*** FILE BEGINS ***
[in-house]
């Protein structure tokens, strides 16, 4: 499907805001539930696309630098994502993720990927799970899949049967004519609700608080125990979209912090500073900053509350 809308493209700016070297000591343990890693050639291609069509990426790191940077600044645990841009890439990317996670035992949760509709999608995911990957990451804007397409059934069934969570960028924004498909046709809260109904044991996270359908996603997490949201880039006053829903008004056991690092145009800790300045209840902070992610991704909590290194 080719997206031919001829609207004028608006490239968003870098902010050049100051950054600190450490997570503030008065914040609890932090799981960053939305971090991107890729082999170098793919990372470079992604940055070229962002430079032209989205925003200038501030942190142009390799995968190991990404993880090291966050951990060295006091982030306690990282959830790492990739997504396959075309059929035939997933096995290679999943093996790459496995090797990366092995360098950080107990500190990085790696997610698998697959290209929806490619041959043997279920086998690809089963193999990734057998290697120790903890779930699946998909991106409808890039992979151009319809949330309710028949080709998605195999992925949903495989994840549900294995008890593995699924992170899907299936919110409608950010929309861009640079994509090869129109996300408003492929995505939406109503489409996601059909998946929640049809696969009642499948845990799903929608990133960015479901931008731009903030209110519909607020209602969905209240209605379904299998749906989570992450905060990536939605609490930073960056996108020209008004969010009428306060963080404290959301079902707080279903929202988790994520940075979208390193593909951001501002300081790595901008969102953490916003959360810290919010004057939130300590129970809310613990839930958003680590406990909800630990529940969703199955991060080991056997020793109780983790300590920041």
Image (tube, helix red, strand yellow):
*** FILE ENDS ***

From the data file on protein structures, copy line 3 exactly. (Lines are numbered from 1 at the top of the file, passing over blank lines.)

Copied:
Image (tube, helix red, strand yellow):